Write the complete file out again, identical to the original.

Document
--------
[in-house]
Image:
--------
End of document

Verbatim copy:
[in-house]
Image: